But the LCBO did not violate the agreement as the initial meeting was only to confirm he stole the bottle of whisky, found the Ontario Crown Employees Grievance Settlement Board. Since it was the end of his shift, the LCBO had to act fast to intercept him and, once it confirmed he had taken the product, the general manager left him with the union representative, said the board. Carmichael also admitted he knew why he was being taken to the boardroom and there was a union representative there from the beginning. In addition, after the LCBO confirmed he had taken a bottle and had no other product in his locker, Carmichael tried to discuss why he took it but was told they would discuss it later.
“The purpose was not to discuss a matter that may result in disciplinary action being taken against (Carmichael),” said the board. “There was no ‘discussion’ as (Carmichael) was simply asked if he had LCBO product concealed on his person or in his locker.”
Can’t blame theft on addiction: Board
Regardless of Carmichael’s addiction claims, the theft of the whisky was a premeditated act that wasn’t caused by an addiction, ruled the board. Carmichael admitted he planned to trade the whisky for drugs and he had contacted a supplier earlier in the day with that intention. The fact he took a specific brand because he had a better chance of trading it for drugs and his admission he had taken drugs twice already made it unlikely he was acting out of desperation for a fix, said the board.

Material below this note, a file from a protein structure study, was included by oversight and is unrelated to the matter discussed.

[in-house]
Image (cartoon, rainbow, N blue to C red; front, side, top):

Though Carmichael was apologetic, his inaction in trying to deal with his addiction spoke louder than his words, said the board. He had refused to follow up on the LCBO’s referral to its EAP, did not attend a rehabilitation centre and wasn’t actually receiving any professional assistance, found the board. This gave the LCBO little reason to think he would be able to solve his problems anytime soon and trust him again.
In addition, Carmichael told the employment insurance commission he “did not actually take any products or items from my place of employment,” found the board. He also testified he “technically” didn’t take anything because they stopped him before he could leave. This, said the board, showed Carmichael didn’t see his actions as attempted theft and he didn’t understand the seriousness of his misconduct or lied about it. So there was no reason the LCBO should think it could trust him again and restore the employment relationship.
“Given (Carmichael’s) lack of candour, his attempts to diminish the severity of his conduct, his inability to resist the temptation to exaggerate, bend the truth and twist words when it serves his purposes and his dishonesty about when he stopped using drugs, I believe that the problems that led to his discharge have not been resolved,” said the board.
For more information see:
•O.P.S.E.U. v. Ontario (Liquor Control Board), 2010 CarswellOnt 9851 (Ont. Crown Emp. Grievance Settlement Bd.).
Jeffrey R. Smith is the editor of Canadian Employment Law Today, a publication that looks at workplace law from a business perspective. For more information, including a special introductory offer for new subscribers, visit employmentlawtoday.com.